Analysis Finds Minnesota's Seniors Face Fourth Highest Shortfall Nationally;
Per Patient Day Shortfall is $24.96.
WASHINGTON, Oct. 4 /PRNewswire-USNewswire/ -- A new independent analysis of the nation's Medicaid program by the accounting firms BDO Seidman/Eljay,LLC estimates states are under funding the actual cost of providing seniors' critical nursing home care by at least $4.4 billion annually -- representing a dramatic 45 percent increase from 1999 ($9.05) through 2007. Minnesota's Medicaid rate currently under funds senior's care by $24.96 per patient day, well above the average national shortfall of $13.15 per patient day.
The new study found that Minnesota's seniors face the forth highest shortfall on a national basis. The new study also found that the states with the greatest disparity between the actual cost of providing quality care and Medicaid reimbursements are, in order of severity, Illinois, New Jersey, Wisconsin, Minnesota, Vermont, New Hampshire, Missouri, Delaware, Washington and Massachusetts.
"The long term trend lines show an unmistakable growth in the disparity between the cost of providing quality care and the actual amount reimbursed by government," said Patti Cullen, President and CEO, Care Providers of Minnesota. "One of the unfortunate results is that our ability to find, train and retain key direct care staff is compromised, and ongoing quality improvement initiatives are placed in jeopardy," Cullen continued. "This problem is national in scope, and requires a national solution that starts with reforming the entire Medicaid and Medicare financing structure."
According to the BDO Seidman/Eljay analysis, seniors' Medicaid-financed long term care needs suffer the highest cost/reimbursement rate disparities in the following states:
Rank State Per Patient Daily Shortfall
1 Illinois $30.21
2 New Jersey $28.64
3 Wisconsin $27.29
4 Minnesota $24.96
5 Vermont $24.32
6 New Hampshire $22.99
7 Missouri $22.62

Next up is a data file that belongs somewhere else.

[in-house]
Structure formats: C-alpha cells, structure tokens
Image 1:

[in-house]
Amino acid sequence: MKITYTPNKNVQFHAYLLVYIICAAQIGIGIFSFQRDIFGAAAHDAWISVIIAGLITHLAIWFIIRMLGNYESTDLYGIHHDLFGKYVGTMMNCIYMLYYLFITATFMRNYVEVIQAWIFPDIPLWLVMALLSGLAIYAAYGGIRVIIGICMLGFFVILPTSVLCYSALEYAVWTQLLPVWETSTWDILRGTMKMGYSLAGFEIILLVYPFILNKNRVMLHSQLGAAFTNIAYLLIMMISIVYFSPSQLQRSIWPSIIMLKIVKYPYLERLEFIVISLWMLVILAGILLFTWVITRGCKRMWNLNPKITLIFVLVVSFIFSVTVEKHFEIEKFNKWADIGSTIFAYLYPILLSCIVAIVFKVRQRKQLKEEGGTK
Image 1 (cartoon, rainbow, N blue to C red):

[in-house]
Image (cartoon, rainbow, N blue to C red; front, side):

8 Delaware $22.21
9 Washington $20.71
10 Massachusetts $19.85
In releasing the new report at a Capitol Hill briefing on pending FY 2008 health and budget issues, Bruce Yarwood, President and CEO of the American Health Care Association said it is essential for policymakers, key legislative staff and all long term care stakeholders to understand the growing inter-dependence between Medicaid and Medicare -- and how according to the study's findings, the long term care sector operates at a 2.5% negative margin when factoring both Medicare and Medicaid funding into the overall long term care financing equation.
"As federal and state lawmakers consider cuts or freezes in either Medicare or Medicaid the significance of the overall negative operating margin cannot be discounted," Yarwood added. "These findings are further evidence that policymakers and the Medicare Payment Advisory Commission should take into account the symbiotic nature of Medicaid and Medicare financing as key healthcare funding decisions are made."
In further explaining the role of Medicare in subsidizing Medicaid shortfalls, Joseph Lubarsky, the study leader said, "Medicare continues to play an important role in the cross-subsidization of Medicaid deficits... un-reimbursed Medicaid allowable costs are projected to exceed $4.4 billion, and providers must continue to substantially rely on Medicare prospective payment in an attempt to break even from government funded programs. Any major slowdown in state economies or changes in federal policies or interpretations regarding federal revenue enhancement programs could easily reverse the positive trends of the past few years."
|SOURCE Care Providers of Minnesota|
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